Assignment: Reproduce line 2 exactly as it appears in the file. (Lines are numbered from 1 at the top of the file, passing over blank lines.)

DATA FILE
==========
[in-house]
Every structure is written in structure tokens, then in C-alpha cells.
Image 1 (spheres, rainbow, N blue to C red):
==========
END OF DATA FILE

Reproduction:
Every structure is written in structure tokens, then in C-alpha cells.